• How long after a blood transfusion should you wait to drawing blood for routine testing?
  • Can we ship unspun chemistry and coag samples to a reference lab overnight and expect accurate results?

Answers to these and hundreds more of the most commonly asked questions on sample collection are now available in Blood Specimen Collection FAQs. Published by the Center for Phlebotomy Education, this 376-page soft cover reference book is already at the fingertips of healthcare professionals around the world providing authoritative answers to nearly 300 of the most frequently asked phlebotomy questions. If you perform, teach, or manage blood sample collection procedures, it should be at your fingertips, too.

Compiled from the thousands of inquiries we’ve received over the years, every answer in this reference is thoroughly researched and reflects the current CLSI standards, OSHA regulations, and published literature. Topics covered in Blood Specimen Collection FAQs include preventing hemolysis, recollects and bruising benchmarks, drawing during IV infusions, investigating falsely elevated potassium results, safety and infection control, professionalism, venipuncture pain management, patient injury and complications, specimen handling & transportation, unorthodox techniques and much more.

In use throughout North America and over a dozen countries including Thailand, Australia, Ireland, Indonesia, Spain, Dubai, Singapore, France, and New Zealand, this desk reference is a welcome and informative resource for anyone who performs, teaches, or supervises phlebotomy.

For more information and an interactive preview click here.

This Month in Phlebotomy Today

Here’s what subscribers to Phlebotomy Today, the Center for Phlebotomy Education’s paid-subscription newsletter currently in its 12th year of publication, are reading about this month:

  • Feature Article: How to Become a Better Phlebotomist, Part VI: Conquering the Difficult Draw (oncology patients)
  • Phlebotomy in the News: a round-up of articles on phlebotomy and phlebotomists who made Internet headlines in May including these stories:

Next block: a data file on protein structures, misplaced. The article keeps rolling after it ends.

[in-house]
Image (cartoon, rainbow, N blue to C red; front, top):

• OSHA Levies $72K Fine after Needlestick Injury
    • Staff Reminders Help Reduce Lab Orders
    • New York Considers Dress Code Bill to Lower HAIs
    • Americans Expect Lab Results Fast
    • Patient Near Collapse While Waiting for Blood Test
    • Phlebotomist to Compete in Skateboarding World Championship
    • Healthcare Job Postings on the Rise
  • According to the Standards: Drawing from the underside of the arm
  • Tip of the Month: The Backbone of the Laboratory
  • CE questions (institutional version only).

Buy this issue for only $9.95.

For subscription rates and to subscribe to Phlebotomy Today, click here. The current month’s issue will be emailed to you immediately upon subscribing.

 

CLSI Publishes New Standard on Specimen Labels

Last month, the Clinical and Laboratory Standards Institute (CLSI) released Specimen Labels: Content and Location, Fonts, and Label Orientation (AUTO12-A), a new standard aimed at reducing human errors associated with non-standardized methods of sample labeling. The creation of this standard was prompted by published literature regarding the high rate of mislabeled specimens in U.S. laboratories.

Each year, more than 160,000 adverse events occur in the U.S. as a result of laboratories testing misidentified specimens. An estimated one in 18 identification errors leads to some type of negative event for the patient. It is clear that specimen identification errors contribute to patient safety issues across all laboratory disciplines. Until now, no standard format has existed for clinical laboratory specimen labels.

The document identifies essential information that must appear on specimen labels, as well as how the information should appear on the label, promoting consistency in formatting. Laboratories and healthcare providers who adopt this standard will help decrease the number of mislabeled samples, improving the quality of patient care through more timely and accurate patient test results.

CLSI is a volunteer-driven, membership-supported, nonprofit organization dedicated to developing standards and guidelines for the healthcare and medical testing community through consensus, balancing the perspectives of industry, government, and healthcare professions.

Click here for more information.

Featured FAQ
Thumb versus finger for applying pressure

Q: What is the difference between using the thumb versus the index finger to hold the gauze in place when withdrawing the needle?

I like the students to use the index finger because:

  • they are less likely to press too hard before the needle has actually exited the arm; (students seem to have more control of the index finger versus the thumb).
  • the pressure would start to be applied ahead (away from) the actual needle exit point with the index finger, rather than over the exit point with the thumb;
  • they are less likely to poke themselves, as the thumb is actually closer to the exiting needle than the index finger would be;
  • I like the looks of it.

A: This could be argued either way. The index finger seems more like the natural way to apply pressure. Using the thumb sounds awkward. Since nothing is written on it, it's personal preference. Your rationale makes perfect sense.

Each month, PT-STAT! will publish one of the hundreds of phlebotomy FAQs in the growing database of questions and answers available in Phlebotomy Central, the members-only section of the Center for Phlebotomy Education's website. For information on joining Phlebotomy Central, click here.

 

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Survey Says
Facility Policies: Help or Hindrance?